The comedy is there in surplus, the romance not so much in Sarah Ruhl's romantic comedy "Stage Kiss," which opened Friday at the Guthrie Theater.

Ruhl's backstage drama is about two erstwhile lovers who are cast as erstwhile lovers in a cheesy 1930s spoof. This metatheatric concept drives a play that muses on the hazards when actors kiss actors and "feel the moment" a bit too strongly.

She (Stacia Rice) and He (Todd Gearhart) are the actors who put their homeostasis in peril — she has a husband and daughter, he a steady friend.

Ruhl's first act spins out the audition, rehearsal and opening of the play-within-a-play. We are told (but not convinced) that the kissing and intimacy have thrown the two into love by intermission. All then gets returned to the way it was by the end of the second act.

"She always falls in love with whomever she's in a play with," says She's husband, drolly and a little wearily.

Director Casey Stangl gives the Guthrie production a 1950s sitcom atmosphere — broad and overcooked, reinforced by scene changes filled with music from that era. It's pleasing in a way, yet rarely are we on the steady ground of time and place.

Stangl takes her cues from Ruhl's lively stitchwork in piecing together comic scenes and drawing characters who are a tad askew.

Rice stands at the center, showing off her natural charisma and comedy chops that she has honed — consciously or not — on the model of Mary Tyler Moore. She can play righteously tough one moment and fall to pieces the next. She looks great in Devon Painter's costumes — chic, glamorous and, during a second play-within-a-play, absolutely ridiculous.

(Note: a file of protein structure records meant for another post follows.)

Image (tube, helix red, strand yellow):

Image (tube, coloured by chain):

Gearhart's He is in a state of arrested development, living in a dreary East Village apartment that has a desperate vibe (set by Todd Rosenthal). Gearhart is content to play second fiddle to Rice, never seizing the upper hand.

He has drifted since He and She broke up. His current friend teaches kindergarten and has a buoyant optimism that he can't share. Cat Brindisi's eager sincerity is perfect for the role.

Michael Booth is the husband — the adult grounded in reality — who reminds us that marriage is about repetition, the sun coming up and going down each day. Romance is everything but repetition. It's a trenchant statement from the playwright on a long-standing idea.

Stangl draws exaggerated performances from Charles Hubbell as the stage director and Grant Fletcher Prewitt as a hapless actor.

Hubbell looks unmistakably like a character from a 1962 Hanna-Barbera cartoon — you know, the skinny hipster in beret, big glasses and blues stash? Prewitt has a Tim Conway thing going on with frenetic energy and big mugs.

The fluidity between reality and backstage farce offers some wonderfully absurd moments, such as when four characters break into "Some Enchanted Evening," but this whole affair (so to speak) will hang in your soul (if you believe you have one) only on comic terms.

As for the kiss? It flees with the morning sun.